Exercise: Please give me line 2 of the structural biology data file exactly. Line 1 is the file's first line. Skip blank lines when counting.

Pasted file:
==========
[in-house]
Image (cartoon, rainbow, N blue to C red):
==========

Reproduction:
Image (cartoon, rainbow, N blue to C red):